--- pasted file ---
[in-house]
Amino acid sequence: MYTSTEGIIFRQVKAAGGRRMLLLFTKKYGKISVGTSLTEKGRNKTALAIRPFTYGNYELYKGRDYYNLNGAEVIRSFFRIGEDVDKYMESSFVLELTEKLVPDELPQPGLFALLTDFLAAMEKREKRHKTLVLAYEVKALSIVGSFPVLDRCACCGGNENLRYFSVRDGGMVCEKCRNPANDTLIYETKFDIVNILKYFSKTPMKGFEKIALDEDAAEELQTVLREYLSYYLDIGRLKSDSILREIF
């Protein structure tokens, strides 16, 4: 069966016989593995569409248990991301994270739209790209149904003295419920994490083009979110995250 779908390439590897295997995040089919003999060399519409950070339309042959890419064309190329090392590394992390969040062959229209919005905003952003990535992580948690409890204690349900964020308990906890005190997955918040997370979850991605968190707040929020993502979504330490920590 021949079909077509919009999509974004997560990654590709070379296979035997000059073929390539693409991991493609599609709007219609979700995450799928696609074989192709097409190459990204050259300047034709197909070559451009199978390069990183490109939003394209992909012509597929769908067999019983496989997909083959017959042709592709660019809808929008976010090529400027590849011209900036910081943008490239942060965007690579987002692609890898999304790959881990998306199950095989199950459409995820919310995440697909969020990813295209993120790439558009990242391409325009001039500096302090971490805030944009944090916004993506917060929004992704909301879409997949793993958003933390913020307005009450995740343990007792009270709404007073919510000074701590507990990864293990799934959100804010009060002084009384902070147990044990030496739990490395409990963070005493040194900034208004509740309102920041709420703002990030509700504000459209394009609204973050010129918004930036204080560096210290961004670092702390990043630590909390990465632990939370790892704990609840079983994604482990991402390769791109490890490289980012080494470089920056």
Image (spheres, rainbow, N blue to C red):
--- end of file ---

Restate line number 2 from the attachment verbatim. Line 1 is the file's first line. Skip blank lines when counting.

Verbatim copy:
Amino acid sequence: MYTSTEGIIFRQVKAAGGRRMLLLFTKKYGKISVGTSLTEKGRNKTALAIRPFTYGNYELYKGRDYYNLNGAEVIRSFFRIGEDVDKYMESSFVLELTEKLVPDELPQPGLFALLTDFLAAMEKREKRHKTLVLAYEVKALSIVGSFPVLDRCACCGGNENLRYFSVRDGGMVCEKCRNPANDTLIYETKFDIVNILKYFSKTPMKGFEKIALDEDAAEELQTVLREYLSYYLDIGRLKSDSILREIF